For a cop, a night on the job means killing time and trying not to get killed. If you’re a cop in Hollywood Division, it also means dealing with the most overwrought, desperate, and deluded criminals anywhere. When you’re patrolling Sunset and Hollywood Boulevards, neither a good reputation nor the lessons of scandals past will help you keep your cool, your sanity, or your life when things heat up.The robbery of a Hollywood jewelry store, complete with masks and a hand grenade, quickly connects to a Russian nightclub, an undercover operation gone bloodily wrong, and a cluelessly ambitious pair of tweakers.
Putting the pieces together are the sergeant they call the Oracle and his squad of street cops. There’s Budgie Polk, a twenty-something firecracker with a four-month-old at home, and Wesley Drubb, a rich boy who joined the force seeking thrills. Fausto Gamboa is the tetchy veteran, and Hollywood Nate is the one who never shuts up about movies. They spend their days in patrol cars and their nights in the underbelly of a city that never sleeps. From their headquarters at Hollywood Station, they see the glamour city for what it is: a field of land mines, where the mundane is dangerous and the dangerous is mundane.
Title: Hollywood Station | Author: Joseph Wambaugh | Series: Hollywood #1 | Publisher: Little Brown and Company | Pages: 340 | ISBN: 9780316066143| Publication date: 3rd January 2007 | Source: Self-purchased
‘Hollywood Station’ is a tough talking, impossibly gritty police procedural from Joseph Wambaugh. Wambaugh was a cop for 14 years in LA before leaving the force and turning to writing full time after his novels and true crime works became bestsellers. In other words, Wambaugh knows his onions, and that really shows in ‘Hollywood Station’.
The novel’s format is similar to that of Ed McBain’s ‘87th Precinct’ novels. There’s a precinct populated with detectives and patrolmen and women working through a number of cases. What makes Wambaugh’s book slightly different to McBain’s is that he pays more attention to the criminals. A variety of panhandlers (his term), meth addicts and gangsters appear throughout the story with sub-plots of their own that run alongside (and intertwine with) those of the cops. McBain does this occasionally in his books, but his focus tends to be much more on the cops.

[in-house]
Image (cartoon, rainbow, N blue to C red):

The book feels like it doesn’t have a plot, but as the various threads progress it becomes apparent that there are many connections between them. This makes for a read that can be a bit episodic at times, but which ends up coming together well. Despite the books narrative strengths, it’s the verisilimitude that impresses most. Wambaugh’s characters are well drawn and convincing as people, but more than that he writes with utter confidence and conviction about what it’s like to be a cop. The book is filled to the brim with anecdotes, asides and insights, all of which add massively to the atmosphere and the sense that you’re reading something not a million miles from the truth.
Wambaugh tackles many big themes – racism, sexism, corruption – and does each of them justice. I often didn’t agree with his characters, but his even-handed approach was engaging and convincing. More than those things though, it’s the sense of camaraderie and joint purpose that shone through. The characters bicker and rub each other up the wrong way, they insult each other and brawl, but they’re always, deep down, in it together.
It’s engaging, fascinating stuff from beginning to end and well worth a read if you fancy something that feels real.
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